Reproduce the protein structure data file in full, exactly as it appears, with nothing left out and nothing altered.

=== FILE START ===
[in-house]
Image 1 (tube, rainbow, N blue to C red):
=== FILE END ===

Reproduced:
[in-house]
Image 1 (tube, rainbow, N blue to C red):